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Latin America & Caribbean

In Cali, Colombia, social inclusion is key to reducing violence and building resilience

Ede Ijjasz-Vasquez's picture
Today, the term "resilience" has many definitions and encompasses a multitude of dimensions beyond natural disasters. Resilience is directly linked to crime and violence, which is a major impediment to sustainable urban development. 
 
The 2011 World Development Report positioned security as a critical development issue and pointed to the importance of strengthening institutions and governance to provide citizen security, justice, and jobs is crucial to break cycles of violence. Similarly, the World Bank’s flagship report on social inclusion, Inclusion Matters points to the importance of empowering people by transforming institutions to make them more inclusive, responsive, and accountable. 

In Cali, Colombia, violence prevention is one of the main aspects of the city’s Resilience Strategy, which recognizes the importance of social inclusion in reducing violence and improving quality of life of the city.

In this video, Vivian Argueta, the Chief Resilience Officer (CRO) of the City of Cali, Colombia, and World Bank Senior Director Ede Ijjasz-Vasquez (@Ede_WBG) discuss Cali’s resilience strategy and its focus on violence prevention.
 
 
 

Leveraging behavioral insights in the age of big data

Germán Reyes's picture

This blog is part of the series "Small changes, big impacts: applying #behavioralscience into development".

Access to an extremely large amount of data has enabled us to pursue research endeavors that just a couple of years ago seemed unimaginable. Examples of amazing big data applications in the field of economics are all over the place: using job-portals data to inform labor market policies; analyzing citizens’ reactions to public policies using Twitter; creating daily inflation data using billions of records from online retailers around the world; and even measuring economic growth from outer space!

The data revolution is open to anyone with the right tools, and big data can be useful to answer policy questions. Pairing big data with some of the traditional methods of data gathering such as household surveys can yield timely information and can help shape appropriate policy responses. For instance, traditional household surveys, from which unemployment estimates are calculated could carry outdated employment data by the time they become available. But big data can complement this effort in places where unemployment rates correlate with the frequency with which people use Google to search for jobs, as in the case of Brazil, that could be used to estimate real-time unemployment rates.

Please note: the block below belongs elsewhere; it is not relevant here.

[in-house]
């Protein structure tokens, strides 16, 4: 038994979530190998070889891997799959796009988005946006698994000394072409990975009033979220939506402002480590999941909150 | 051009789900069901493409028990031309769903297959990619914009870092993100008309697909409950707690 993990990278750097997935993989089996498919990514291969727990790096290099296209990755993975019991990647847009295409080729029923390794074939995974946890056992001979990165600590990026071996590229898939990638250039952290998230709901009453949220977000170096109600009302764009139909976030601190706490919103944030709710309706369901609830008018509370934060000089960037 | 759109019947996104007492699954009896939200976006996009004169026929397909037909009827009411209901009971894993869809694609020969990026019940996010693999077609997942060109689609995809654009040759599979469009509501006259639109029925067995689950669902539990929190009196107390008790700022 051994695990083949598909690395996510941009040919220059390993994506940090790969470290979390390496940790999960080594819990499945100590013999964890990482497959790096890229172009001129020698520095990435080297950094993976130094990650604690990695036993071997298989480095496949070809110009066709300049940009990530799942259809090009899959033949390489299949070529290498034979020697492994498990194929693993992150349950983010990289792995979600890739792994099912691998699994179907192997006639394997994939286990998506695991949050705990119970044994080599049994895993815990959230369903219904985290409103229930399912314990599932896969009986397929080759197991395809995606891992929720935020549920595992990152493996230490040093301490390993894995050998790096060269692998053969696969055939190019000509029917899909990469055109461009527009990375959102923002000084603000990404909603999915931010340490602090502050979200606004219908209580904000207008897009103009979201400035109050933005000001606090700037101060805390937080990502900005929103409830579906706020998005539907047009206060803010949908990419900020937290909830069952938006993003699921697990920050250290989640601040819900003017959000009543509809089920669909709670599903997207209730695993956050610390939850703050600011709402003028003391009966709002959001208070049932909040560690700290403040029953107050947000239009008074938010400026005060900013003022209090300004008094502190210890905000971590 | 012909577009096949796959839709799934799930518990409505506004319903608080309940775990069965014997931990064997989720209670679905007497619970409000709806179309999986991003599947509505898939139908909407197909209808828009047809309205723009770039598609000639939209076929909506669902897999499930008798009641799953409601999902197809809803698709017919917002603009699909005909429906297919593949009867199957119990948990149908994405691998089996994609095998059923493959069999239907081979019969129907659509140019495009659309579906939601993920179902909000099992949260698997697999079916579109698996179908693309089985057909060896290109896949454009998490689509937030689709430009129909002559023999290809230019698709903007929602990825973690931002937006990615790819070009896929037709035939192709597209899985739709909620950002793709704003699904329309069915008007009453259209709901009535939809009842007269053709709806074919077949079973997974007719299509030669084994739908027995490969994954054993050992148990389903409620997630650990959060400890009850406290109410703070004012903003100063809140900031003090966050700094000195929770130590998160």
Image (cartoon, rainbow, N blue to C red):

Monthly unemployment rate and google searches for “looking for a job” in Brazil, 2006-17

From slums to neighborhoods: How energy efficiency can transform the lives of the urban poor

Martina Bosi's picture

Villa 31, an iconic urban settlement in the heart of Buenos Aires, is home to about 43,000 of the city’s poor. In Argentina, paradoxically, urban slums are called ‘villas’ – a word usually tied with luxury in many parts of the world.
 

To build resilient cities, we must treat substandard housing as a life-or-death emergency

Luis Triveno's picture

Also available in: Español

Damaged houses in Long Island, New York after Hurricane Sandy. Photo by UNISDR.

The scene is as familiar as it is tragic: A devastating hurricane or earthquake strikes a populated area in a poor country, inflicting a high number of casualties, overwhelming the resources and capacity of rescue teams and hospital emergency rooms. First responders must resort to “triage” – the medical strategy of maximizing the efficient use of existing resources to save lives, while minimizing the number of deaths. 

But if governments could apply triage to substandard housing, medical triage would be a much less frequent occurrence – because in the developing world, it is mainly housing that kills people, not disasters.
 
Worldwide, most injuries and deaths from natural disasters are a result of substandard housing. In Latin America and the Caribbean, for example, one-third of the population – 200 million people – lives in informal settlements, which are densely packed with deadly housing units. In 2010, when the 7.0-magnitude Haiti earthquake killed 260,000 people, 70% of damages were related to housing. Similarly, it’s estimated that if an 8.0-magnitude earthquake hit Peru, 80% of the economic losses would be to housing.